Airbus, the leading aircraft manufacturer, and the Global Engineering Deans Council (GEDC), the leading international organisation for engineering education, have selected the three shortlisted candidates for the 2014 GEDC Airbus Diversity Award. The three 2014 finalists are from Australia and USA and were selected from over 20 candidates from 12 countries.
This prestigious award is given to individuals who have been proactive in bringing more diversity* into engineering schools and universities. It rewards initiatives around the world which encourage young people of all profiles and backgrounds to study and succeed in engineering. The long-term aim of the award is to increase diversity among the global community of engineers so that the engineering industry reflects the diversity of the communities it supports.
The finalists will present their ideas to a jury led by Charles Champion, Airbus Executive Vice President Engineering. The selection criteria will focus on the measureable success of the initiative, the transferability of the idea and the potential to inspire other diversity initiatives.
“At Airbus we are convinced that diversity is key a driver of innovation and high performance,” said Charles Champion. “More diverse teams, means more inclusive teams, where everyone’s ideas count. This is the kind of culture we foster at Airbus and I congratulate the 2014 finalists whose results also demonstrate what can be achieved with commitment and ambition.”
“This year, we have been particularly impressed by the number of ‘contagious’ initiatives – those that have the potential to be replicated in other universities globally,” explained John Beynon, Dean of Engineering, University of Adelaide, Australia and Chair of the GEDC. “We want to inspire engineering leaders from around the world to join our drive to create a more diverse global community of engineers.”
The winner of the 2014 Award will be announced at the World Engineering Education Forum (WEEF) in Dubai on 3rd December 2014 attended by leading deans and industry representatives from around the world. An amount of 10 000 USD will go to the award recipient to support and develop their work in this field.
In October 2013 the inaugural Diversity Award went to Ana Lazarin from Wichita State University (WSU), USA, for her outreach, recruitment and retention programs which have increased the number of under-represented minority students in the College of Engineering at WSU by 91% over the last 5 years.
More information is available at : http://diversityinengineering.com
Notes to editor
*Diversity definition :
Diversity is the inclusion of individuals that represent variations in gender, ethnic background, disability, sexual orientation, age, socio-economic status, nationality and other non-visible differences resulting in an environment rich in intellectual variety and respect for the individual, and optimally suited to address the technological, business and societal needs of the future. (Source American Society of Engineering Education and Airbus)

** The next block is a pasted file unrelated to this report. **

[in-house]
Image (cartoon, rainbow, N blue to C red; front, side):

The 2014 finalists are:
Marita Cheng: Founder, Robogals Global, Australia
Marita Cheng is the founder of Robogals Global, an initiative designed to inspire girls aged 10-14 to choose engineering and technical careers, and to create a global community of engineering students committed to the cause of greater diversity.
Through a varied program of workshops, training, student challenges, a Robogal Ambassador program and a dedicated outreach program for rural and regional areas, Robogals has so far reached over 20,000 girls worldwide, utilising a largely volunteer workforce of university students. In six years, it has grown from a single university chapter to an international organization.
Bryan Hill : Assistant Dean, University of Arkansas College of Engineering (USA)
Bryan was chosen as a finalist for his work leading initiatives to recruit and retain underrepresented engineering students through the Engineering Career Awareness Program (ECAP) at the University of Arkansas (U of A). Between 2007-2014, minority enrollment in engineering programs at U of A increased by more than 190%, with a 150 % rise in female undergraduates.
The program offers a full range of academic, financial and social support to remove the barriers that underrepresented students face in completing an engineering degree. ECAP also has partnerships with feeder institutions targeting diverse transfer students. As program director, Bryan has been instrumental in not only developing ECAP but also in creating significant funding streams and industry partnerships.
Bevlee Watford: Associate Dean, Academic Affairs/Director, CEED, Virginia Tech, USA
Bevlee was selected for her wide-ranging programs aimed at building an inclusive and diverse engineering student body at Virginia Tech, and now used as a model for institutions throughout the USA. Over 10,000 engineering students, many of them from underrepresented groups have been supported and mentored through the CEED since its inception in 1992.
There is a wide selection of programs and activities made available through the centre, including peer mentoring, living-learning communities and summer bridge programs.
The programs are designed to support undergraduate students, as well as pre-college students at local schools. The work of the CEED is the acknowledged driving force behind Virginia Tech’s steadily rising engineering student enrollment and retention rates, particularly among minority groups.
About the GEDC http://www.gedcouncil.org